“Might we count on your participation, sir? We’re gathering a party to consider our response. Noctuella has plagued this town for long enough.”

“In what way?” asked Lily.

The mayor jumped, as though the cobblestones themselves had spoken, and then without a word he turned his back.


The party retreated from the rain to the nearby Owl and Mouse to plot in more convivial circumstances. Lily returned to her room, closed her door, and climbed back into bed in damp clothes. She sat with her arms around her knees, deep in thought. After a time, she ceased trembling and drew a locket from under her pillow. She unclasped it to reveal a miniature of herself on the left. The right half was empty. As she touched the space with her finger, something almost came to her, a face, and then it vanished. She clenched the locket in her hand and made a wish.

The door opened. A large fox entered on its hind legs, dressed in a shabby coat and beaver top hat, glistening with raindrops.

“You can’t remember his name, can you?” asked the fox.

“Who’s name?”

“Your brother’s, of course.”

“Who are you?” asked Lily.

“One who shares your enemy,” said the fox. “Listen, and I will tell you where to find what you have lost.”

“Tell me,” whispered Lily.

“Alas,” said the fox, raising a gloved paw. “I regret there’s a price.”

“I haven’t much. Just a few coins from some bit work.”

“The cost is that you must listen to a tale most painful and give me a button for my coat.”

The fox placed the button in his waistcoat and sat on the edge of the mattress. From inside his sleeve, he produced a key, darkened with age.

Sure enough, the fox’s coat had no buttons, merely knobs of broken thread. Lily slid to the floor and pulled her jar of sewing buttons from under the bed. She gave him a large button of tarnished silver. “Here you go.”

“Hold this in your hand.”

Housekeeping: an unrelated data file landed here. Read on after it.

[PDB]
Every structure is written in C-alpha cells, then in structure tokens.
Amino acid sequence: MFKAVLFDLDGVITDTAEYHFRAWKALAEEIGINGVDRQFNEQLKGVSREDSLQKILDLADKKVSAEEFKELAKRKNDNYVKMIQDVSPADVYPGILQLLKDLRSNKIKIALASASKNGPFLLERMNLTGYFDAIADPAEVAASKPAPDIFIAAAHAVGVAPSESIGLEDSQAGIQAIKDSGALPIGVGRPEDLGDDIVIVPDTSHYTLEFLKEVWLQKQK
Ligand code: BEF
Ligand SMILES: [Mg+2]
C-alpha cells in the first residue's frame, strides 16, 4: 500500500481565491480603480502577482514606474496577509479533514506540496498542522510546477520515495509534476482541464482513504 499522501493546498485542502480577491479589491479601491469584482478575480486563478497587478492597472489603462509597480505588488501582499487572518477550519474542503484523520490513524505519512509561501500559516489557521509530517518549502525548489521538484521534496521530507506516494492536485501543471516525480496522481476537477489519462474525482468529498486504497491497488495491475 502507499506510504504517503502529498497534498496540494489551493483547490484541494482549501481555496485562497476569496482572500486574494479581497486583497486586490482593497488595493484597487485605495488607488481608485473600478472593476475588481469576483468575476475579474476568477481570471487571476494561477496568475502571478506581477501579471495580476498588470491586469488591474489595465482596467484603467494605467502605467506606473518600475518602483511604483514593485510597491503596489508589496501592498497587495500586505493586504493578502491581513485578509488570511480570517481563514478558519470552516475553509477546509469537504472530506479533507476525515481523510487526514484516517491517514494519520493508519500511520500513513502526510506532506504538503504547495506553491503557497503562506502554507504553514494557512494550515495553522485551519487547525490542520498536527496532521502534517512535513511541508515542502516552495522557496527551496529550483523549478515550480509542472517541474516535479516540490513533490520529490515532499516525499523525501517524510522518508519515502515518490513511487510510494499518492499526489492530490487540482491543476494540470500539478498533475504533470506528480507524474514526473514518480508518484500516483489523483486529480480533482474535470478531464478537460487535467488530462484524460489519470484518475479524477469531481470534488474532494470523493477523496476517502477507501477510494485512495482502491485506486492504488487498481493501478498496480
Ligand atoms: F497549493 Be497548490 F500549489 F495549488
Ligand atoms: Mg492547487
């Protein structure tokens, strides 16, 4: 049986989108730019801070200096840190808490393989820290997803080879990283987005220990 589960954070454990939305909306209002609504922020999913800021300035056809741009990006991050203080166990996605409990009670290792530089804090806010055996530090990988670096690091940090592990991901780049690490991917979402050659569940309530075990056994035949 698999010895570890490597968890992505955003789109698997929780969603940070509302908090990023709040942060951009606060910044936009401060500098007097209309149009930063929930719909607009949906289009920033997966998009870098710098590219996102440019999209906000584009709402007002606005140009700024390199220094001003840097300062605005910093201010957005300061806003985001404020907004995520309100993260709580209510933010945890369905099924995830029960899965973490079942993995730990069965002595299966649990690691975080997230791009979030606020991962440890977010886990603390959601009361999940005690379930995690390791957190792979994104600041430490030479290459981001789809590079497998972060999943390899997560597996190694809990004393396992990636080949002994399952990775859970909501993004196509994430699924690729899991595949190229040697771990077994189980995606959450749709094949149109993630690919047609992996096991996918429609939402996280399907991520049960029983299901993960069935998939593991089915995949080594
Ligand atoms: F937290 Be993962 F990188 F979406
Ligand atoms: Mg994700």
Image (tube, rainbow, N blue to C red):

Lilly did as he asked.

The fox wiggled his toes in his pointed shoes and began his account.

“Where was this house?” asked Lily, finding herself short of breath.

“There was once a shy girl named Lily Porter who, along with her mother and brother, lived in the oldest house in the town.”

“I’ll tell you in time. But listen, one unusually long winter, Lily’s mother took to her bed and died of the damp in her lungs. In her sorrow, Lily neglected herself and her brother and stopped caring for the old house. As the months passed, neglect allowed a certain malign presence to enter the rooms. It fed on the miasma of despair and melancholy. Soon, it turned the very house against the sibling’s presence.”

“Wearied beyond measure by the state of things, Lily herself took to her bed, sustained by stale biscuits and draughts of her mother’s laudanum. Her hair grew long and dishevelled. If her conscientious brother had not brought her food and drink from a nearby establishment, she would have perished.”

The fox pulled a green cigarillo from his lapel and lit it with a match on the sole of his shoe. Blue smoke streamed from his slender snout. Lily noticed he had little hands rather than paws.

“Before I go on,” said the fox. “Might I trouble you for a bit of string for my shoe?”

Lily looked down, and sure enough, one of the fox’s shoes was missing a lace. She went to her writing desk and pulled a piece of twine from a bundle of notes.

“Here you are,” she said, handing the twine to the fox. She chewed the inside of her cheek as he tied his shoe.
When he sat up, he pulled a piece of folded black velvet from inside his coat.

“A cape,” he said. “In exchange for your kindness. Now, I will continue my tale. Many weeks passed in the manner I described. The blankets on Lily’s bed became home to mice. A fox made its home in the pantry. Birds found their way through a shattered transom and nested in the bookshelves, bringing spores and seeds from the town and surrounding countryside. The roof lost its slates. Rain streamed into the attic and found its way to the lowest floors. Nourished by moisture the spores and seeds grew. Roots spread through the house until the interior was a veritable thicket.”

The fox blew a smoke ring and lapsed into silence.

“What happened then?” cried Lily.

“Before I tell you that,” said the fox. “You must give me a ring.” His eyes glittered.

“I have no rings,” said Lily in despair.

“Think, girl. There must be something.”

Lily’s eyes widened. She ran back to her writing desk and unscrewed an old fountain pen. A band of brass, separating the barrel from the cap, fell into her palm.

The fox removed his left glove and slid the band onto his fourth finger.

“Will this do?” she panted, as she rushed back.

“Bit tight,” he said. “But it will serve.” From the side pocket of his coat, he extracted a small, but very sharp pair of golden scissors and handed them to Lily. “To cut to the truth of the matter. Now, I will finish the story. The thicket became a forest. Branches burst through walls and windows. And then, the presence revealed itself as a witch, who’s name you well know.